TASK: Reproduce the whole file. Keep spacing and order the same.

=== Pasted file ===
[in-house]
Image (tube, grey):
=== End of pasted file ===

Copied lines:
[in-house]
Image (tube, grey):